There is a bit of variety when it comes to predictor tests, which can make choices that much more difficult. Most of these various ovulation home tests focus on detecting the luteinizing hormone (or LH) in the body, which is the chemical your body releases that trigger ovulation. These various tests are similar to pregnancy tests, in that they measure the chemicals in your urine. Additionally, most of these come at different price points, so your budget could very well be a deciding factor for you when choosing which ovulation monitoring tool to use. Here is a brief breakdown of the different kinds of tests and s you can consider using:

  • Ovulation strip tests

    These disposable tests measure the amount of luteinizing hormone (LH) in your urine and display results on a cardboard stick with various colored bands. They look a lot like basic pregnancy tests and for the most part, come in larger packages of 30-100 that range from $7-25 in price.

  • Digital ovulation tests

    These tests also measure the LH in your urine and are disposable, but the results read out digitally and are typically easier to decipher. Tests come in packages of 10-20 that cost around $15-25.

  • Fertility monitors

    These systems can get really advanced. Some monitors only read the LH in urine like the disposable tests, but will also help to track your entire cycle. Others read the amount of estrogen in your saliva in addition to your LH levels! These can run you anywhere from $250-500, and some versions require you to purchase separate urine test strips.

Read: Getting Answers–Tests for Infertility 

Question 10: Should I consider using an ovulation predictor test to find out when I’m ovulating?

It’s difficult to give a hard-set answer to this question. We can’t necessarily recommend just any ovulation predictor tests to anyone, particularly to women with irregular periods, or women who don’t typically monitor the build-up of their fertile-quality cervical mucus. Additionally, if you are not watching for the signs that you may begin to ovulate, then you could waste strips for up to two weeks waiting for it to start. Because of this, we suggest learning about the different stages of your cervical mucus so that you can be better prepared to take an ovulation predictor test without squandering more than one.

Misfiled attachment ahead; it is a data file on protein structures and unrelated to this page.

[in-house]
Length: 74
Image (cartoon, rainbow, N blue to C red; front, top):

Read: Ketogenic Diet and Conception

Question 11: If an ovulation predictor test says I’m ovulating, that means I for sure am…right?

Yes and no. The purpose of the ovulation predictor test is to measure your body for the spike in LH that precedes ovulation. When these tests are used correctly, they can provide 99% accuracy in their predictions. However, keep in mind that when you read that positive result, it means your body is about to begin ovulation – and that you want to engage in intercourse with your partner soon to ensure that their sperm has a chance to reach your egg within 24 hours after it’s been released!

Read: Can a Cold or the Flu Affect Your Fertility?

Question 12: Can I replace ovulation predictor kits with a mobile app?

No. Ovulation kits and apps measure two very different parts of your cycle. When you use the at-homes, you’re measuring the hormones in your body to hopefully get as accurate of an estimate as possible on your specific ovulation dates. With most mobile apps, you’re typing in dates of your menstrual cycle in order to guess when your body might start to ovulate. The algorithms that the app uses can often provide a good calculation, but they can’t replace the potential precision of hormone detection.

With that said, some fertility monitors actually come with a downloadable app that you can use in conjunction with the physical monitoring. If you feel that these monitors are the right choice for you than the app can serve as a handy tracking tool that you can keep on your person at all times.

ReadCan You Improve Your Fertility with Meditation?